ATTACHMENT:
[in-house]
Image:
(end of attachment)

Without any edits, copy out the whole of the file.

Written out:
[in-house]
Image: